Op-Ed: Misleading political TV ads are filling up California’s ‘news deserts’
If you watched even a smidge of the Dodgers-Padres postseason playoff games on television, you almost certainly saw a political ad. This is nothing unusual for the lead-up to an election. In fact, there are fewer propositions on the ballot than usual in California — but that doesn’t make figuring out how to vote any less confusing. This year, for instance, there are two different propositions to expand gambling on the table.
Political advertising has already reached record spending levels this year. But what’s even more troubling than the amounts of money spent is that information disorder and political polarization make it harder than ever to discern facts from baseless claims or misinformation.
It’s quite possible that some Californians will only get their information about the ballot measures and the candidates up for election from TV ads. And strong local news operations that could offer a counterweight to misleading ads are disappearing from many communities in this state and around the country.
That’s why it is crucial that state and federal political advertising regulations be updated to account for the loss of access to information, even as political operatives become more adept at honing misinformation tactics.
Meaningful participation in a democracy depends on informed citizens, but many voters can’t get the kind of news and information that would enable them to do so. Since 2004, California has lost 24% of its newspapers — and 14 California counties are essentially news deserts: places that have no local news or are severely under-resourced for local news.
At present, all that current state law generally requires is a disclosure between two and eight seconds long about who paid for the TV or radio ad. If it’s an advocacy group with an innocuous-sounding name (for instance, Citizens for Sanity, which was behind an anti-immigrant ad during a Dodgers-Padres game), such disclosures won’t tell you much.
Television ads may be particularly problematic because people trust local news more than any other type of journalism and most Americans still get most of their local news from local TV stations. Viewers might mistakenly believe that their local network news has fact-checked the ads or that the local 6 o’clock news has approved the advertisements — giving political misinformation a veneer of legitimacy.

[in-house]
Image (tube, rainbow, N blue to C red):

This makes it even more important for voters to have a clear idea of who is behind the ads they’re seeing. More detailed disclosures could help voters better understand the organizations paying for the ads and their motivations. Ideally, the same kind of truth-in-advertising requirements for pharmaceutical drugs might one day be applied to political ads, too.
There are changes that state and federal regulatory agencies could make to move in this direction.
Currently, all that the Federal Elections Commission requires for television ads funded by political action committees is what it calls a “disclaimer” with “the name of the political committee, corporation, labor organization, individual or group who paid for the communication.” But it could also require that the sources of the text, images or footage used in the ad be made available to the public.
Knowing who is behind a PAC is critical, especially in a post-Citizens United world, where huge amounts of money deluge campaign seasons from undisclosed sources. Tracing donors is outside the ability of the ordinary citizen, so even requiring a link to a PAC’s website would be more than what voters have now.
Election laws are hard to change and extremely complicated. But voters are also consumers, and there may be ways for the Federal Trade Commission to act. The FTC’s job is to protect consumers under the federal law, which says that “claims in advertisements must be truthful, cannot be deceptive or unfair, and must be evidence-based.” If the FEC can’t adjust its regulations, perhaps there’s room for the FTC to step in.
In July 2021, after yet another election cycle set spending records, California’s Fair Political Practices Commission recommended creating a database of political ads, but such a database has not yet been set up.
This database requirement could be a way in for the Federal Communications Commission, which oversees the public airwaves. The FCC could require broadcasters to air a brief message before any political ad to say that the information hasn’t been verified by the network — like the health warnings that appear on tobacco and alcohol products. Short of federal action, California regulators and lawmakers should consider how to make similar state level changes.
Rethinking political advertising matters to the future of elections. Democracy depends on the public making informed decisions. Misinformation, driven by polarization, flooding the airwaves will only get worse without reforms that give voters a fighting chance.
Nikki Usher is an associate professor in communication studies at the University of San Diego.
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